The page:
Let Oregon know where you stand: vote

Oregonians can be justifiably proud of our voter turnout.

Just look at 2008, when 85.7 percent of Oregon's registered voters cast ballots, the third best turnout in state history and one of the highest in the nation. When Oregonians register, they vote because they love vote-by-mail. Oregon has highest turnout of states that don't have same-day voter registration.

But we lag in one very important area when it comes to voting. We can do a better job of getting eligible voters registered.

The importance of this issue isn't months or years away. Two referenda will be on the Jan. 26 ballot in a special statewide election. The questions before voters this January — whether to enact or reject laws adopted by the legislature — are worthy of careful study and consideration, and I hope all eligible Oregonians will make their voices heard.

But you have to register in order to vote, and the deadline to register for the Jan. 26 election is Jan. 5. It's coming right up.

There are lots of ways to register. You can fill out a form at your county elections office. You can find a form at the Elections Division Web site, Oregonvotes.org. Fill it out and mail it in. You can even register if you're only 17, although you won't actually receive a ballot until after you turn 18.

Only 77 percent of Oregon's eligible voters are registered, leaving a half million of us with no voice in the workings of the state. I am committed to finding more and better ways to register eligible Oregon voters safely and securely and encouraging them to vote.

The 2009 Legislature got us off to a good start by passing a bill that will expand registration while ensuring its security.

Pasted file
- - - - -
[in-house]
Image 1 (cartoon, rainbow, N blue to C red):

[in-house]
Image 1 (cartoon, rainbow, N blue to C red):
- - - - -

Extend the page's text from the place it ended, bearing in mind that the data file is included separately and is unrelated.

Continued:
On March 1, 2010, Oregon will join the small handful of states allowing online voter registration. It will be accurate, secure and cost-effective, and I'm sure it will prove popular with voters.

This will help Oregonians who are housebound and can't get out to register, members of the military overseas, and young people, who spend so much of their lives in the digital world. Arizona saw its cost per registration transaction drop enormously through the online system. Washington has enrolled hundreds of thousands of voters online with high voter satisfaction and no resulting problems. Utah initiated a similar program earlier this year.

Voters will have to swear that the information in the application is true, just like with a print application. And just like with a print application, lying online about residency, citizenship or any other qualifications is a class C felony with a penalty of up to five years in prison, a $125,000 fine and deportation for violators.

The Pew Center on the States recently completed a study of Oregon's voter registration system and found that the system cost more than $9.7 million in 2008. The study looked at printing, maintenance and, the biggest cost, personnel to operate a system based on printed forms.

Online registration won't be Oregon's first step in modernizing the system and probably won't be the last. Oregon voters can already check their registration status online, make sure their registration is up to date and find out if they're registered in a political party holding a primary election. (Go to Oregonvotes.org and click on "Voter Registration.") Making these functions available online saves staff time.

Oregonians deserve a registration system that is efficient, cost-effective and accurate — that's what I will work to deliver. I'll explore every opportunity for more savings, efficiencies and ways to modernize and streamline voter registration in Oregon.

And don't forget, the deadline to register to take part in the Jan. 26 election is Jan. 5. Let Oregon know where you stand.

Kate Brown is Oregon's Secretary of State.

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